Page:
From Jury to Judge

Founder and MD, Lynn Chambers shares her six takeaways following her 2023 awards judging experience.

Founder and MD
10 Sep

Have you ever done jury duty? BBC sources say in England and Wales you’ve only got a 35% chance of being summoned, so odds are you haven’t but if you too have been plucked randomly from the electoral register you’ll know it’s a unique experience. I did it a few years ago and went off to court with my passport, birth certificate and three utility bills to prove my identity. Tick that box and you’re in. 

Unsurprisingly, there are strict rules. You can talk about what happened in the courtroom, but you must not talk about what is said between you and your fellow jurors, even to family members. The first rule of jury duty is you don’t talk about jury duty. It’s basically Fight Club.

I never expected to have an experience that was even remotely similar and then I was asked to take part in judging the 2023 ICE Awards for corporate event planners.

I’m a big fan of awards! They’re a great shop window for agencies and consultancies, good for brand recognition and a perfect opportunity to see who’s doing brilliantly well, so I jumped at the chance. 

All judges read and score applications separately before coming together to discuss and make final decisions. By nature I’m meticulous - okay, borderline OCD - and I have a strong sense of fairness so I tried to ask myself all the right questions. Certain entries pulled my heartstrings and I knew I had to be careful not to be overly influenced because an entry was for children, or a particular community that seemed incredibly deserving. I had to step back and say “How innovative is this?” “Is their approach different in some way?” “What makes them a winner?”

The second stage was meeting up with my fellow judges to share thoughts and come to a collective decision. That was when it reminded me of jury duty. Just like my time in the court deliberation room it was all very clear cut to me. I’d seen the evidence, understood the case and thought we’ll have this wrapped up in no time. Wrong! Turns out, everyone sees things from their own unique perspective so, just like my time at the court, I put the kettle on, made myself a cuppa and listened.  

Full disclosure, holding back with my opinion is something I’m still developing as a skill. I used to do stand-up and I can still take down a heckler if provoked. Also, I’m in the habit of making speedy decisions, mostly so that what I’ve promised will get done, is done, but there’s a downside. If you’re a senior leader in an organisation and your voice has a lot of sway there’s always a danger that it’ll stop someone else making their point. Letting others speak first can lead to a fresh perspective or even new information, so practising my newly acquired best behaviour, I sat on my hands and kept my mouth shut - at least until everyone else had had their say.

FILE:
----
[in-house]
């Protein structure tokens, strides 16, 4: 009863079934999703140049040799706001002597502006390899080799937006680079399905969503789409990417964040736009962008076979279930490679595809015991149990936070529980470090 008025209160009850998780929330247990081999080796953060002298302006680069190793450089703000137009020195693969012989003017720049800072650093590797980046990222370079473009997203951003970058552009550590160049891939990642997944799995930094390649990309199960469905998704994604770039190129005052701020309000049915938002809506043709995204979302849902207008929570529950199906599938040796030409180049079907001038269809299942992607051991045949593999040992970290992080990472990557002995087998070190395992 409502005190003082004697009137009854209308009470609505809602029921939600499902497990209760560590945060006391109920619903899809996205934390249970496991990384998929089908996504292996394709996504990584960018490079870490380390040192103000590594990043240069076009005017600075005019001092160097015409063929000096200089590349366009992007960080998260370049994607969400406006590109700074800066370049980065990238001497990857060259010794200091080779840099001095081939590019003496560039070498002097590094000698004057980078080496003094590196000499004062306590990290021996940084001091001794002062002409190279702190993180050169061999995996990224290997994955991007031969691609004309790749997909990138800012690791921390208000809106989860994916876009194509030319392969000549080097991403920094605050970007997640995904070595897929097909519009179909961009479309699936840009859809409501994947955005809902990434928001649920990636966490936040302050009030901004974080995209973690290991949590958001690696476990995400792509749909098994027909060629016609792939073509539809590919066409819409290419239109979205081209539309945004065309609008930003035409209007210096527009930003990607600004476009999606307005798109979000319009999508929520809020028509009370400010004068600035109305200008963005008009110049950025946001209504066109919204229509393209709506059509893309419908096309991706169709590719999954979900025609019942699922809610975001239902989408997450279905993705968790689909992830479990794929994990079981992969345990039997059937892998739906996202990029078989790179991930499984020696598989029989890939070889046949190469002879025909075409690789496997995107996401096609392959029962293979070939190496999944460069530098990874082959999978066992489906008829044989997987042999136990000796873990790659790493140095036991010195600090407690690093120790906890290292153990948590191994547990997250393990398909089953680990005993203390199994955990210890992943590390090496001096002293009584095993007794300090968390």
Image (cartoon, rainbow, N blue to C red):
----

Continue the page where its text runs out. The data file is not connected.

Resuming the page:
I’m not going to talk about what was said among my fellow judges. I told you, first rule of judging, don’t talk about judging, but I’ve got some takeaways for anyone thinking of applying for an award. 

1. Just do it

The payoff is huge. But make sure you consider the panel of judges because they are your jury.

2. Focus

Mostly, they’re going to be time poor so make sure you’re not shoehorning yourself into a category that really isn’t a good fit. 

3. Be concise

Less is definitely more on the word count. 

4. Check & re-check

Some judges are going to be sticklers about spelling and grammar. You could be lucky and get a reader who is happy with the gist of your entry and doesn’t notice the typo’s but for some that’s going to drive them nuts. For others they’ll feel let down when they spot the glaring cut and paste job you’ve done because you were in a rush. 

5. Help them out

Don’t force them into being detectives to discover exactly what you did. Be really clear, because if it takes the collective intelligence of the entire panel to assemble the supplementary documents to work out the scope of your project, you’re going to struggle to make the second round. I’m exaggerating but you get the point. 

6. Pay attention to your entry

Otherwise you could be wasting someone’s time. Yours. 

It’s obvious, but a lot is riding on winning. It has the power to raise your profile, put you on the map and be a mark of prestige and quality. One thing I am at liberty to say is that some decisions are incredibly close. If you’re in a category of excellent entries you could miss out by the smallest of margins and that’s tough. It’s like the drama of the World Cup final. Two teams battling it out. Both deserving of their place. Brilliance from both sides in different ways but something always tips the balance. One team will miss out on glory by a whisker, but that’s the game we’re in. The value is in having the courage to be in the arena and being prepared to be judged. In the meantime, keep doing great work, put in a well written, concise entry and next time, it could be your name on the trophy. 

If you are looking to make your next project an award winning one contact us ! You don’t need a brief to start a conversion. Contact us here

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